Now that I’m getting the depression under control, I’m beginning to ask myself some difficult questions. Like why it was so hard to end things with Mack, even though I’d been wanting out from the moment I got in. Why was it so difficult to steer clear of him, why was I so drawn to him even though I knew from the moment I first set eyes on him that he was not for me? I knew before I met him that he was bad news. I knew it. And yet I was drawn to him, like a moth to the flame.
Why do I find it impossible to steer clear of these men? Once I break free, I’m always appalled at my high threshold for bad behavior, not to mention poor character. Why did I get involved with someone who clearly was such a louse? Why didn’t I cut off communication after he’d told me the first night I met him (after months of emailing) that he lived with a woman? Why did I meet him in the first place when, before I ever met him, I knew from his emails he was bad news? And I did it anyway. It was like watching myself self-destruct, and having no power to prevent it. What is that? Why does that happen? How can I stop it?
Looking back on things, I’m so embarrassed. My friends kept gently pointing out what a creep he is. If your friends tell you the guy you’re dating isn’t good enough for you, trust them. Despite what you tell yourself, they really wouldn’t think any differently of him even if they knew him like you know him. And if they’re so concerned about the choice you’ve made that they actually speak up about it, you know it has to be bad. You don’t tell your friends their boyfriend is a creep unless the situation is dire. It seems they were doing a relationship intervention, and I was so mixed up, I couldn’t see it. I kept listening to Mack. Of course he’s going to tell me he’s not a creep. Of course he’s going to have any number of justifications for his bad behavior. But I knew better. I knew better, and still I did it anyway.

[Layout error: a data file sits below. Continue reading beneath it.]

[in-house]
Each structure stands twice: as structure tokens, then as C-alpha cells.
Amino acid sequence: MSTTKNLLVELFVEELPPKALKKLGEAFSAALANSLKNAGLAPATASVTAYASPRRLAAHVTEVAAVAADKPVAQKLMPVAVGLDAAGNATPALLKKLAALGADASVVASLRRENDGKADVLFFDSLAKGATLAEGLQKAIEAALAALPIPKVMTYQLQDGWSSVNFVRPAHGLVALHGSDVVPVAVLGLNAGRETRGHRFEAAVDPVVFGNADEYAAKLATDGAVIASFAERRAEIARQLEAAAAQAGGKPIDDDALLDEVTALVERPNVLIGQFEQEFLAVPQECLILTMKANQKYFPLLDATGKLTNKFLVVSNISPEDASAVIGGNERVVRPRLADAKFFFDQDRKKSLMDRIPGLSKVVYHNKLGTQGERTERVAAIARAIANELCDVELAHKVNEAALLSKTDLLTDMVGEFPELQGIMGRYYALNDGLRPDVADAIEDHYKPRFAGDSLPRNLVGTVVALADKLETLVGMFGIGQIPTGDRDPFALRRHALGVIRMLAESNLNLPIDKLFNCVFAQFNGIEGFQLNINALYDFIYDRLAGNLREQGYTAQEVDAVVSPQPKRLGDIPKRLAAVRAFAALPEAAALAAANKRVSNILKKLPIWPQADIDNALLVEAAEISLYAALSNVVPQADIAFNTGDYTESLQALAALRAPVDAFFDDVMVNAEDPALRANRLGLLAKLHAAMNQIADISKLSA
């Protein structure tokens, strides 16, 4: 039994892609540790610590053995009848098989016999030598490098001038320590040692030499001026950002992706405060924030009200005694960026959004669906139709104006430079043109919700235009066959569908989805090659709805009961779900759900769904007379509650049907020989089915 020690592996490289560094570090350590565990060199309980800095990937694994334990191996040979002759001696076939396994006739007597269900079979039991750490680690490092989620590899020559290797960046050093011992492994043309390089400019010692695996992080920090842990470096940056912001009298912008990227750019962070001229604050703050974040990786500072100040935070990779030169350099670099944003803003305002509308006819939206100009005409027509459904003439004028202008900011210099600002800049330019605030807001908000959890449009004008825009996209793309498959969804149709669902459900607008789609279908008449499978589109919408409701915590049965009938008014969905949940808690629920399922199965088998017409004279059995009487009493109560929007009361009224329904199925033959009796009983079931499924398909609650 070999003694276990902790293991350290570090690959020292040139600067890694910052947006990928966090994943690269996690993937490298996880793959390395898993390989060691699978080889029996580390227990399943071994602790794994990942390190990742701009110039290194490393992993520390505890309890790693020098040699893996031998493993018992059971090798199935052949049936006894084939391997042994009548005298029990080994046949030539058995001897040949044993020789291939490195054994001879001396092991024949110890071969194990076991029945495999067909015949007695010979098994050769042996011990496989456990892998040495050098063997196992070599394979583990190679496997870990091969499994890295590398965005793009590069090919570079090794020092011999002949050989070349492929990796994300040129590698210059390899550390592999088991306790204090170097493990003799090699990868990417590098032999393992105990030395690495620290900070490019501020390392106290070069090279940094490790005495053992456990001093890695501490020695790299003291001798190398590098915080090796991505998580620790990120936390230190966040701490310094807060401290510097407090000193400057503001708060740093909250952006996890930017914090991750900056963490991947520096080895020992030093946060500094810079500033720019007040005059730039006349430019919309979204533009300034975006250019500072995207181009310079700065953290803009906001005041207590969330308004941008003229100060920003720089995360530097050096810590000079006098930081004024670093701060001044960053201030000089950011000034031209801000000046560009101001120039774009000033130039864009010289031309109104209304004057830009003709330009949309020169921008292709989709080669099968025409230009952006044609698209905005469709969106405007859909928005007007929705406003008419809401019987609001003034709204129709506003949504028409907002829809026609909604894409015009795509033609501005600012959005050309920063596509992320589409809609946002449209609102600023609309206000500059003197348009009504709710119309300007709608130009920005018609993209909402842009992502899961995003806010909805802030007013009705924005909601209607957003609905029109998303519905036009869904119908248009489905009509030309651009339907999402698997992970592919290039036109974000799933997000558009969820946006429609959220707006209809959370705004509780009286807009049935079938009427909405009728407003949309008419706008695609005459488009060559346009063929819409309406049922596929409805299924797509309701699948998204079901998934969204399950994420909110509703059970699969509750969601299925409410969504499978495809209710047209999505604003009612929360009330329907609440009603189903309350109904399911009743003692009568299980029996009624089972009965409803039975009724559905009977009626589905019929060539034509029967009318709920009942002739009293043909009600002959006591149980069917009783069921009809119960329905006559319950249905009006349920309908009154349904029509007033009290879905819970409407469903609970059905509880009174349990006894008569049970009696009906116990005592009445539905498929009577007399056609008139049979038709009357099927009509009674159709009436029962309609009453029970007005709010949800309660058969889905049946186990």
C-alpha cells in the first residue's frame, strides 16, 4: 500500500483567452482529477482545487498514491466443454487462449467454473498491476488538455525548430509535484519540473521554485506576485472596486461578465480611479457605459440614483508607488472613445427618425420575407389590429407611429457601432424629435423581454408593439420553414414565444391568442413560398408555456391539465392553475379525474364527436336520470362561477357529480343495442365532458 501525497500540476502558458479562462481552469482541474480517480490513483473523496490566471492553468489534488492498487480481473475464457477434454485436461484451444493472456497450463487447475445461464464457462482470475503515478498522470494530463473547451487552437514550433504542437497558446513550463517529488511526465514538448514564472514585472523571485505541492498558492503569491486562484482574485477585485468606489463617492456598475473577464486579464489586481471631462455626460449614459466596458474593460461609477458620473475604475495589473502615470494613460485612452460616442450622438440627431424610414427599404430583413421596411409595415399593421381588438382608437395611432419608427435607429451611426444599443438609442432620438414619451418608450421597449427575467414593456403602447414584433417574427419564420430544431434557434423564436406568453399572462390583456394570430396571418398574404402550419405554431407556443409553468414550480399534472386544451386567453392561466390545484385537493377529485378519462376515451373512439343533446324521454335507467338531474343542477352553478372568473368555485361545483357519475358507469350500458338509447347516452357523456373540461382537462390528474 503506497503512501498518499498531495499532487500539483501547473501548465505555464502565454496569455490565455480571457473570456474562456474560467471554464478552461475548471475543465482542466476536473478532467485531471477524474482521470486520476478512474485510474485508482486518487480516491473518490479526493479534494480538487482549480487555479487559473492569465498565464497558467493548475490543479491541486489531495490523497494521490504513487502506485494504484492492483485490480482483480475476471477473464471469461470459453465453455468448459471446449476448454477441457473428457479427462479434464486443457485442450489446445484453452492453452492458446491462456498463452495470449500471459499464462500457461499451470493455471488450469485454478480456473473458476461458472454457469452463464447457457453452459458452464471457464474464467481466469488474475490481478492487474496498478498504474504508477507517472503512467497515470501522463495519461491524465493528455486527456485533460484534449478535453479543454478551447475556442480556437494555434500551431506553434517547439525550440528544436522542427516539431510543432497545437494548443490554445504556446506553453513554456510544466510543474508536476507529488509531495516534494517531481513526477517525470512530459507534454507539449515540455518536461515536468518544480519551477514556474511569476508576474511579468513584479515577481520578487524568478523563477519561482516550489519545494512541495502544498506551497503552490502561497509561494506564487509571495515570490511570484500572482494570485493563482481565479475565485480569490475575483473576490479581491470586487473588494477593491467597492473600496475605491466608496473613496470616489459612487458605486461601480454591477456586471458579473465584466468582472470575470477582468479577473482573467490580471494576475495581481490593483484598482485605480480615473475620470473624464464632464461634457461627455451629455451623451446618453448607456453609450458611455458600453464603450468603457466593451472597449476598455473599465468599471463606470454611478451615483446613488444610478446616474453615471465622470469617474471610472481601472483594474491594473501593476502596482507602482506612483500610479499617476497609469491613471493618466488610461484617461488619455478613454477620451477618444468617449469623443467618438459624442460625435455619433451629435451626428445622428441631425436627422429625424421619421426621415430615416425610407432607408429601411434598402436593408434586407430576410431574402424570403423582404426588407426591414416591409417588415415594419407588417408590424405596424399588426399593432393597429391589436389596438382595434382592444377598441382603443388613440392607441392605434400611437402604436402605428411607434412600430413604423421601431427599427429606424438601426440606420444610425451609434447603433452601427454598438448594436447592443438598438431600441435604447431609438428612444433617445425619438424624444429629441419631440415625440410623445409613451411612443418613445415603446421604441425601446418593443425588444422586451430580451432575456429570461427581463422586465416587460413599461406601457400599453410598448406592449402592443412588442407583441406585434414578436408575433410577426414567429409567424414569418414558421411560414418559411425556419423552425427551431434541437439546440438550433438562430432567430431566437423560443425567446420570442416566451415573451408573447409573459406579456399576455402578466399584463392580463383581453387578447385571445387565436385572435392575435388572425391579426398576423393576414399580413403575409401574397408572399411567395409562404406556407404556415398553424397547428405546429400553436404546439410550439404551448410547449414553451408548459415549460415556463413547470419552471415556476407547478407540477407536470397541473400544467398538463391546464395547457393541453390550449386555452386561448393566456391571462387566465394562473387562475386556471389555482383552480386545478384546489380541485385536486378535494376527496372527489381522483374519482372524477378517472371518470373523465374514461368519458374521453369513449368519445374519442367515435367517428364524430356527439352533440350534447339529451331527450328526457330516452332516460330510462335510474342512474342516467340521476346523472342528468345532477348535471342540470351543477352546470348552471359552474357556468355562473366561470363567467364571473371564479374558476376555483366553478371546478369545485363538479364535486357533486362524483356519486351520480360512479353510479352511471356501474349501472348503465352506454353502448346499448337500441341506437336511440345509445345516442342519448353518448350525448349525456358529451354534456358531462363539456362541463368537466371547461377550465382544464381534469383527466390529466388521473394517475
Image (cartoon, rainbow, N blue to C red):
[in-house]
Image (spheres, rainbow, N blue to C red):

This perplexes me. I don’t understand why I do this. And I’m unsure how to prevent it from happening again. Making better choices up front, before I get involved, would help. And no, I cannot just go out with a crappy man for a while, to get back in practice, or to have a sexual partner. I’m not built that way. I always get emotionally involved with a man with whom I’m sleeping. Even the bad men. History has proven this. And no, a no-good man is not better than no man at all. So next time, I’m vetting him up front. And I’m going to listen to myself. Will the easing of the depression help me make better choices? Regardless, that’s the way it has to be now. No compromises.